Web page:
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The Essentials: Magnesium during chemotherapy

Posted by Manuela Boyle on 25 April 2021
The Essentials: Magnesium during chemotherapy

 

 

 

 

 

 

Magnesium Foods

A deficiency in magnesium occurs in 20%-100% of cancer patients undergoing chemotherapy. Magnesium is the second most abundant intracellular cation after potassium, and it is involved in more than 600 enzymatic reactions in the body.
Low levels of magnesium induce fatigue, mitochondropathy (compromised production of ATP) and risk for neuropathy, nephropathy as well as abnormal cardiovascular function (arrhythmia, hypertension) immune dysfunction, headache and altered bone and vitamin D metabolism.
Low level of magnesium is also associated with nausea, vomiting, headache, myalgia, constipation, anxiety, insomnia and depression, all common complaints of cancer patients. Long term deficiency of this important mineral can contribute to hypertension, migraine headaches and is associated with chronic inflammation and oxidative stress. All our patients are monitored for serum RBC magnesium to assess their status every 3-6 months long-term, and monthly during cancer treatments. Measuring the level of magnesium in the blood test (serum magnesium) is a not a reliable indicator of magnesium deficiency.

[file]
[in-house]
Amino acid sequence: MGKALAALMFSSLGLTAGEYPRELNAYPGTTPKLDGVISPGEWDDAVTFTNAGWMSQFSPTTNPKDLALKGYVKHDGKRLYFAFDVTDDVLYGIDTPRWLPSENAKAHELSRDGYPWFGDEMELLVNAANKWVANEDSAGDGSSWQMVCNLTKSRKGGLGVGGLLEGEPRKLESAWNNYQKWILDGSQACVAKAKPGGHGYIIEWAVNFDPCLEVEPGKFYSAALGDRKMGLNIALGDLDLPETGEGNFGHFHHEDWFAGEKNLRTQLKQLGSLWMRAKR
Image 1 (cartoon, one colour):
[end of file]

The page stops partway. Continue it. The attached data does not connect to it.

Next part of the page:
All our patients receive a therapeutic amount of highly bioavailable magnesium spread out over 3-4 doses per day to achieve repletion without the risk of loose stool, however extreme low level of magnesium  can be quickly repleted by intravenous infusion.
The chemotherapeutic agents that induce low level of magnesium are:

  • Platinum Chemotherapy Agents: Oxaliplatin, Cisplatin, Carboplatin and
  • Taxanes: paclitaxel (Taxol) nab-paclitaxel (Abraxane), docetaxel (Taxotere), Cabazitaxel (Jevtana).
  • Vinca alkaloids vinblastine, vincristine, vindesine, and vinorelbine
  • Aminoglycosides (gentamicin, streptomycin)
  • Bleomycin
  • Cetuxumab (Erbitux)
  • Panitumumab (Vectibix)
  • Cyclosporine
  • Lenolidamide
  • Tacrolimus
  • Etoposide
  • Bortezomib (Velcade)

Dietary sources of magnesium include: almonds, cashews, brazil nuts, pumpkin seeds, flaxseeds, cocoa, avocados, dark leafy greens, seaweed

References:
Hodgkinson E, Neville-Webbe HL, Coleman RE. Magnesium depletion in patients receiving cisplatin-based chemotherapy. Clin Oncol (R Coll Radiol). 2006 Nov;18(9):710-8. doi: 10.1016/j.clon.2006.06.011. PMID: 17100159.

Author:Manuela Boyle
Tags:NewsNutritional SupplementsEvidence Based ResearchCancerfoods & cancer treatment

Associations

  • The Institute for Functional Medicine
  • Society for Integrative Oncology
  • American Society of Clinical Oncology
  • Australasian Integrative Medicine Association
  • Naturopaths and Herbalists Association of Australia